Because first and foremost, we want our Cavaliers to be dogs. We want them to have the joys of running, jumping, chasing and playing without pain.
Large or giant breeds are the ones that most often come to mind when talking about Hip Dysplasia in dogs. Unfortunately, this problem has become more common in smaller breeds as well.
The hip joint has a ball (top part of the femur) which fits into a joint (hip socket in the pelvis). If the hip socket is not developed properly the ball does not sit in it properly. This causes stress on the cartilage lining the hip joint. With the constant stress on the joint the cartilage thins and becomes stiffer which decreases the joint's ability to handle the daily stress of movement and weight bearing. Over time arthritis will build up in the joint and cause thickening and a decrease in range of motion along with accompanying pain.
This is a congenital, degenerative condition. It is a polygenic disease which means there are several genes operating to produce the condition as well as environmental factors involved such as rate of growth, nutrition (eg high protein, excess calcium), excess weight and too much or too little exercise. Certain breeds, primarily larger breeds such as German Shepherds, Golden Retrievers and Labrador Retrievers have a breed predisposition for this condition though it can occur in all dogs, even in a smaller dog as the Cavalier King Charles Spaniel.
Diagnosis of hip dysplasia is made by x-ray. As this is a degenerative disease, breeding stock in dogs with a breed disposition are x-rayed after the age of 2 for signs of the disease. An affected dog should not be used for breeding. In the Cavalier it had been a breeder's choice to x ray for hip dysplasia as the incidences of the condition had been fairly low. The increase in popularity of the breed, has resulted in a greater number of Cavaliers being bred, which in turn has resulted in the increase of documented cases of hip dysplasia. As with many other inherited diseases while x-raying may indicate that the individual does not have signs of hip dysplasis it does not answer the question of whether a dog is a carrier and can pass the condition to its offspring.
Depending upon the severity of the condition treatment varies from the use of nutraceuticals such as glucosamine, Cosequin, shark cartilage, NSAIDS such as Rimadyl or Metacam, buffered Asprin or Bufferin, to surgery. It is also helpful in controlling the symptoms of HD to keep the dog's weight down as the excess weight puts more strain on the hips.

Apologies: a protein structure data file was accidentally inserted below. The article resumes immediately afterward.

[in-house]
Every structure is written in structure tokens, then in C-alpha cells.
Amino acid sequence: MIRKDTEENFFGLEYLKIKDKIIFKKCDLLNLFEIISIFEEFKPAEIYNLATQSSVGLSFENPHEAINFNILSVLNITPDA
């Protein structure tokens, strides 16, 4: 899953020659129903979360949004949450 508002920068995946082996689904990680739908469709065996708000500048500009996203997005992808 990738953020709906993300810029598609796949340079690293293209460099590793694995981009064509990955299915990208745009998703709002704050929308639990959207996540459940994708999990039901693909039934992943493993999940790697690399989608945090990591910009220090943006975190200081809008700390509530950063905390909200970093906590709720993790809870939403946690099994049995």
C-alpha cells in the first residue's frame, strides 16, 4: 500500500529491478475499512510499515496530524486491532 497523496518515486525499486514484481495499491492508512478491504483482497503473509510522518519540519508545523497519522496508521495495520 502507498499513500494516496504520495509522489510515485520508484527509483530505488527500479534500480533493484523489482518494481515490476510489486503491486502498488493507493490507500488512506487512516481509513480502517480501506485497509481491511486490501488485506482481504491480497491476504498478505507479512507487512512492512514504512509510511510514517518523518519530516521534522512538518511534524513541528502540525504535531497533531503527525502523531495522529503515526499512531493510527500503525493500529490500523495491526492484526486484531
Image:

Toy breeds are very prone to lateral luxating patellas.
Patellar luxation has been common in Poodles, Yorkshire Terriers, Pomeranians, Pekingese, Chihuahuas, Miniature Pinschers and Boston Terriers over the past few years we are seeing a greater number of Cavalier Spaniels with this disorder. Females have the highest risk for this condition.
Diagnosis is relatively simple for a veterinarian familiar with orthopedics. It involves palpation of the joint and manual luxation of the patella. Care must be exercised with the examination to avoid injuring the joint, or making an incorrect diagnosis. Patellar luxation may be classified in four grades, with grade I being the mildest. This grading system is subjective so it is important in the present of luxation to have the same veterinarian perform the follow-up screening. Mild patellar luxation (grade 1-2) may be discovered as an incidental finding especially in a growing dog or a female in season. In addition, patellar luxation may occur in any breed because of trauma.
Patella luxation (also called slipped stifles) results from abnormalities in the bones of the rear legs, such as a shallow trochlear groove. This condition is easily checked by manipulation by a veterinarian. Patella luxation is graded into 4 degrees of severity.
Grade 1 - the stifle joint is almost normal and luxation is found on examination. Usually there is no gait abnormality.
Grade 2 - the patella lies loosely in its normal position but will luxate when the joint is flexed. Dogs with a Grade 2 may have a "bunny hop" gait where the patella moves out of the trochlear groove and the dog hops along on the good leg trying to kick the bad leg straight to move the patella back in place.
Grade 3 - the patella is dislocated much of the time but can be manipulated back into the joint when the leg is extended.
Grade 4 - the patella is dislocated all of the time and needs surgery to correct.
In both Grade 3 and 4 the dog shows varying degrees of lameness, often with a bowlegged appearance with the toes pointed in due to the deformity of the rear legs. Pain is usually not associated with this condition unless it is the result of trauma or until degenerative arthritis has occurred due to chronicity of disease.
The treatment and long-term outcome (prognosis) depend on the severity of disease. Severity is determined how often the kneecap slips out of place, and how easily it slips back into the normal position. Treatment is based upon severity of signs and the affected Cavalier’s age, breed and weight. Conservative therapy (non-surgical) and veterinary observation is often the treatment of choice. However, if the patellar luxation has persistent lameness, or other knee injuries occur secondary to the luxation, then surgery intervention needs to be evaluated.
Cavaliers used for breeding should have within normal limits patellas as determined by an OFA examination at age one. The patellas should be reevaluated as the Cavalier’s ages.
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